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Shipyard Sam 05-14-2006 07:07 AM

The 72' Dravo-built sternwheel towboat MERANDA (WINIFRED) is for sale for "only" $35K.. Didn't it sell for around 4g's not too long ago?

Shipyard Sam 05-14-2006 11:15 AM

The phone numbers are : (859) 442-8111 or 743-8861, Dayton, KY.

Shipyard Sam 05-14-2006 07:52 PM

MEREADA is Right Name
[QUOTE=Shipyard Sam]The 72' Dravo-built sternwheel towboat MERANDA (WINIFRED) is for sale for "only" $35K.. Didn't it sell for around 4g's not too long ago?[/QUOTE]

Name's M. S. MEREADA, not MERANDA, like in "reading the Meranda Rights" to someone astray of the law, as like the Rabbit Hash Sheriff has to do on multiple occasion of a Saturday night when the moon is full.

To quote the Inland River Record:
" Sternwheel yacht, b. 1930 by Dravo Contracting Co., Neville Island, PA. Rebuilt 1986; reb. 1995. 97 X 17. GM 6-71 diesel, 165 hp. Allison red. 4.5:1. Orig. towboat WINIFRED, owned by Dravo. Sold Jan. 1960 to Winifred Marine, Inc., Ludlow, KY. Sold 1986, reb., with three decks to push passenger barge; owned by Barleycorn's Marine, Inc., Ludlow. Sold 1995, rebuilt and renamed by Jack Gratsch, Cincinnati. 230153."

Now here's a historic sternwheeler that is within reason for an enterprising person, or persons, to save from the scrap heap. In 1978, I piloted the WINIFRED to Louisville for the owner, with a stop at Payne Hollow for a visit with Harlan and Anna Hubbard. The owner John (pronounced "Ribbon Yard") and Flatboat Bela Berty and I followed Harlan out to his studio to look at some painting he had for sale. Long, thick snakes hung in festoons from the gutters of the small outbuilding, and Harlan warned us to be careful of more snakes possibly reposing in-between the stacks of paintings inside. None were, thank goodness. John bought several of Harlan's precious, but inexpensive, oil paintings, and even Bela, then a deckhand on the MQ, was able to afford one. Our visit with the Hubbards was one of the most delightful afternoons I ever experienced, and when their large, red Irish setter came busting through the door, and rolled a freshly-killed ground hog across the floor, Harlan casually added, "Guess we'll have him for dinner." Soon after, our party retired to the WINIFRED, but I ran back up the bank to give Harlan my blue, long-sleeve DELTA QUEEN work shirt. Back aboard, we backed out and continued on to L'ville. That was the only time I was at Payne Hollow while the Hubbards lived there.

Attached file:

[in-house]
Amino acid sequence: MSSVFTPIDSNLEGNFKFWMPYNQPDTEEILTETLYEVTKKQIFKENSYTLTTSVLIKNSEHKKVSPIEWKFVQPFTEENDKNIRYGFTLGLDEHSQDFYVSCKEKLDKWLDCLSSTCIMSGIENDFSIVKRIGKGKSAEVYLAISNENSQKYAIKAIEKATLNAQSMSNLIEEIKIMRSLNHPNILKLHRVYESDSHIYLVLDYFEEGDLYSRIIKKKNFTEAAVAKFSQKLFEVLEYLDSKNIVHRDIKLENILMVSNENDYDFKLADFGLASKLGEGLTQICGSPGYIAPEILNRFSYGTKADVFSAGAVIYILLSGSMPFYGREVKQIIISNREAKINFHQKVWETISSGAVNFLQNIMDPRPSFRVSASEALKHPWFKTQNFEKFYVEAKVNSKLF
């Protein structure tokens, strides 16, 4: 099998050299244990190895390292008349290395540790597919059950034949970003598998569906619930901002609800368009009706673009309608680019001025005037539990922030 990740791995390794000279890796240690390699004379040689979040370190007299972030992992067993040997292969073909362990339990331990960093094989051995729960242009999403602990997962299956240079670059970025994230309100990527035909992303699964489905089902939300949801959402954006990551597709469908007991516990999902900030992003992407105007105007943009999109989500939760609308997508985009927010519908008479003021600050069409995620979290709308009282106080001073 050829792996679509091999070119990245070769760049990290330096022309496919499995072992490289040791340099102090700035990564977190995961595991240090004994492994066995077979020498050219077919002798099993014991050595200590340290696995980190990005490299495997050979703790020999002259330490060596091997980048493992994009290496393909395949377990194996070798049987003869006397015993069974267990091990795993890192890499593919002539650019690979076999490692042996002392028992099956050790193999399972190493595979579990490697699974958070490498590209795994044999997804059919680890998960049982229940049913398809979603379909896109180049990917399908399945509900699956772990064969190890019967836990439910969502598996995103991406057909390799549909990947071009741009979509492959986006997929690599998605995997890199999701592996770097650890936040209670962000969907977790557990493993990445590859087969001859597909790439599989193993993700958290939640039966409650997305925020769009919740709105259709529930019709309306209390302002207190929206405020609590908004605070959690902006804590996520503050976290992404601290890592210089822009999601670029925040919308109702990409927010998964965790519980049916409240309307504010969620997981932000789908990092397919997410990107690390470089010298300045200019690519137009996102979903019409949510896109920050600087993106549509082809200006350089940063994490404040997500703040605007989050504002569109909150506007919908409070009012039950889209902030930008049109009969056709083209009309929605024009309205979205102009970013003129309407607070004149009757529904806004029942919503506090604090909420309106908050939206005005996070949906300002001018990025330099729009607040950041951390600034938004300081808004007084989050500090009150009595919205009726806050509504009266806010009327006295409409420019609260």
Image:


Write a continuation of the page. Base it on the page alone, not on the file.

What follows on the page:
Wayne White 05-14-2006 09:25 PM

Great story and thanks for sharing it !

Shipyard Sam 05-15-2006 08:57 AM

Harlan Hubbard's Studio
1 Attachment(s)

Thick, fat snakes festooned the roof of Harlan's studio in Payne Hollow. "Watch out for snakes," he cautioned as we entered his studio crammed with paintings piled along the walls. Cautiously, we separated the canvases and marveled at the art treasures that now grace museum walls and private collections.

Steve Huffman 05-15-2006 01:32 PM

I heard that the WINIFRED was auctioned for only $2500 about a year ago. It would be a nice "project" boat if the hull were in better shape. Hope someone can save it, although there is little left on it that is original.

Edward Ray 05-20-2006 11:30 AM


How about posting a "photo" if you have one.
Regards, Ed Ray

Shipyard Sam 05-20-2006 09:49 PM


Alan Bates 05-21-2006 07:45 AM

That dog's name was Ranger. He brought in a raccoon one time when I was there and we ate coon livers for lunch. They were very good a crispy.
Ranger patrolled the Hubbard estate. On another visit he met Bert Fenn and Me at the plank footbridge. He came to me and took my left arm into his mouth, very gently, then released it. I interpreted that to mean, "You are welcome here, but don't try anything nasty!"

Steve Huffman 05-21-2006 05:51 PM

WINIFRED photos(?)
3 Attachment(s)
I'm trying to figure-out how to attach images. Hopefully there will be some in this message.. It's a pain to resize photos down to make the message board accept them. If it worked, I have attached a recent photo of the WINIFRED as the M.S. MEREADA (taken by Capt Don Sanders last year), a photo of the WINIFRED in a lock in the mid-1960s, and a view of the gutted interior taken by Aaron Richardson in 2003.

Bela Berty 08-04-2017 12:55 AM

The Winifred was owned by John Hrebenyar. He owned Champion Printing Co., probably in Cincinnati. The last time I saw him was on the morning after the Cincinnati evening newspaper put a photo of the flatboat Spirit of Kanawha and me on the front page above the fold and larger than the photo of the big ex-sidewheeler President. That was Tall Stacks 1988. John and I bumped into each other at a traffic light (as pedestrians) as I was headed to the newspaper office to buy 50 copies of the newspaper.

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